There is no harm in using cast iron pan oil or a specific oil from your grocery store shelves. Both will do the job. In fact, there might be little difference between a cast iron pan oil that uses flaxseeds and standard flaxseed oil.
Canola oil is one of the most popular options when it comes to seasoning a cast iron pan.
Although there are several products that are specifically intended for seasoning a cast iron pan. Standard pure canola oil is actually our top pick.
Canola oil is great for a number of reasons. But first, it’s important that you use the right kind of canola oil. Something like Crisco is not the right kind. Make sure to find good quality canola oil.
Coconut oil might be a surprising option to have been included on this list. Although it has become incredibly popular in recent years, people have been using coconut oil for a very long time.
Coconut oil can, of course, be used for cooking. But it can also be used in baking, you can use it on your hair, and you can use it to take off makeup or as part of your skincare routine.
Coconut oil is a great source of healthy fats. And it’s also a great oil to use to season your cast iron pan.
Coconut oil is a great option if you usually like to cook with coconut oil. Some argue that you should season your pan after every use. But, technically, you are doing that whenever you cook.
Although you might not be seasoning it as you did originally (read on or scroll down for our guide to properly seasoning your cast iron pan).
Whenever you cook with your cast iron pan, you’re heating up the oil. Even if you wash it after you have used it, you will have heated oil in the pan. At least some of this oil will have polymerized onto the pan.
So, if you usually cook with coconut oil. Then seasoning your cast iron pan with coconut oil is definitely a good idea.
Sunflower oil is one of the most popular oils when it comes to cooking. It would be second only to olive oil and may even be more popular.
Although people often avoid oils in order to be healthier, oil isn’t necessarily bad for you. In fact, sunflower oil is a very nutrient-dense product.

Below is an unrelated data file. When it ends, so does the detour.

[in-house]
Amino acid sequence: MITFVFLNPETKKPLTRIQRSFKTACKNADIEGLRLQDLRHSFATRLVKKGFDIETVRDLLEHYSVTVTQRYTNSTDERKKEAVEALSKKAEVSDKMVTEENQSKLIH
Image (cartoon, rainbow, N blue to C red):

Sunflower oil also has lots of health benefits. Sunflower oil contains phytochemicals. These are chemicals that can, according to some studies, be good for your heart.
It is also good for your heart because sunflower oil is naturally free from trans fats. Instead, sunflower oil has unsaturated fats which are great for giving you energy.
Another heart-related benefit is that sunflower oil has been shown to lower cholesterol. It can lower the build-up of low-density lipoprotein cholesterol.
Sunflower oil is great for cooking as it can aid digestion. Sunflower oil is a very light oil so can be easily absorbed by the body. This means that, if food is cooked in sunflower oil, it might make it more easily digestible.
Sunflower oil can also strengthen your immune system and help repair damage to your body. It can strengthen your immune system as it contains antioxidant properties so it can help your body fight infection.
It helps to repair damage to the body due to its high protein content. This can help with rebuilding and repairing damage to tissues and enzymes.
Although olive oil is a brilliant ingredient, it is definitely not a good oil for seasoning a cast iron pan. Seasoning cast iron with olive oil is not a good idea.
Olive oil is sometimes recommended but you won’t find any olive oil on this list. It is a bad option as it has a very low smoke point. The smoke point of olive oil is around 325°F and 375°F.
This means that olive oil burns easier than other oils, such as the more commonly used flaxseed oil.
So, if you season your pan with olive oil, it will begin to degrade once it rises above its smoke point. This means that the oil will begin to wear off and become sticky at high temperatures. The polymerization will begin to reverse.
But that doesn’t mean you can’t use olive oil to cook food in a cast iron pan. This is absolutely fine. This is probably a relief to the numerous people who know the huge number of benefits of cooking with olive oil.